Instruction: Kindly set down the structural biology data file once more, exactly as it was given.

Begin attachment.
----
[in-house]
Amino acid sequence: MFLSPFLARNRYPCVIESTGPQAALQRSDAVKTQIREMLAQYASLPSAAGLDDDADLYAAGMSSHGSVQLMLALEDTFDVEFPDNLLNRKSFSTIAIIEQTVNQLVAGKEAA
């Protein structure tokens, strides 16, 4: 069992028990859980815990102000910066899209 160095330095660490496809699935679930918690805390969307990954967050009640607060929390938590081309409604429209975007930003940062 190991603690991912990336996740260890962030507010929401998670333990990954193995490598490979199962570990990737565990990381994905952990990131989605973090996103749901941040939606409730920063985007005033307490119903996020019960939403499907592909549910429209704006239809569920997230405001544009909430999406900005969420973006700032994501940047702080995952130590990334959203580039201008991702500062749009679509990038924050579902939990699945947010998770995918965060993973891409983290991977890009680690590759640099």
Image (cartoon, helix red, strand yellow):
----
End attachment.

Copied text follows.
[in-house]
Amino acid sequence: MFLSPFLARNRYPCVIESTGPQAALQRSDAVKTQIREMLAQYASLPSAAGLDDDADLYAAGMSSHGSVQLMLALEDTFDVEFPDNLLNRKSFSTIAIIEQTVNQLVAGKEAA
């Protein structure tokens, strides 16, 4: 069992028990859980815990102000910066899209 160095330095660490496809699935679930918690805390969307990954967050009640607060929390938590081309409604429209975007930003940062 190991603690991912990336996740260890962030507010929401998670333990990954193995490598490979199962570990990737565990990381994905952990990131989605973090996103749901941040939606409730920063985007005033307490119903996020019960939403499907592909549910429209704006239809569920997230405001544009909430999406900005969420973006700032994501940047702080995952130590990334959203580039201008991702500062749009679509990038924050579902939990699945947010998770995918965060993973891409983290991977890009680690590759640099």
Image (cartoon, helix red, strand yellow):